Serea Coastal Cuisine describes itself as a “sea-to-table” dining experience serving sustainable from San Diego down the Baja Peninsula by Chef Jojo Ruiz, a Californian who includes a Mediterranean flair, and sources ingredients from purveyors such as Pacifico Aquaculture, known for its innovative, sustainability-first farming program for ocean-raised sea bass.
Our lively, joyful dinner conversation and laughs flowed back and forth across the table without seams so eating seemed secondary, but we started with the Serea Mezze. It was perfect to pick at the marinated olives, marcona almonds, hummus tahini, salsa macha, whipped farmers cheese and grilled pita. We didn’t really need to order mains, since the conversation was so satiating, but we dutifully added Pacifico striped bass to the sips of sauvignon blanc that followed the champagne.
The culinary presentations were as visually appealing as the white, blue and gray patterned skirt she wore and my somewhat sympatico white linen paisley jacket.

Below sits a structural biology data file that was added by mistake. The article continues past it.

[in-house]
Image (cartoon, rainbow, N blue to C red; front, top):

Sunset to Starlight
We strolled down the sidewalk for a margarita nightcap on the patio at the hotel’s Babcock & Story Bar, where a deejay played pop-hits. The only song I recall was a Beatles tune that provoked conversation about how she’d met Paul McCartney. I had once met Billy Joel. Given our intriguing lives in travel, never once did we try to trump each other. We shared stories and sentiments of countries and continents, resorts and retreats.
She entertained with stories of her studies at The Sorbonne and life in London; her early years growing up in Mexico; her San Diego television work; her daughter’s school bus schedule and her brother’s participation in their wildly successful family travel advisor business founded by her mother – who she referred to as “Big Mama.” (Big Mama, by the way, has a ticket to space aboard Richard Branson’s Virgin Galactic when her turn comes up.)
After a margarita we walked under the stars along the Pacific to the parking lot where she put me in her personal, neighborhood golf cart – customized with doors – for a ride to my car. Since she loves Paris, we bid each other adieu.
When I got back to the valet entrance of the Westin San Diego Gaslamp Quarter Hotel, the large wall bordering the entrance was lit up by a large projected mural. It was, like the couple in the bar; the fellows who complimented my appearance; and the gift shop ladies who felt something special was in the air; yet another fun coincidence. The light-up mural read “Tonight is a good night for a good night.”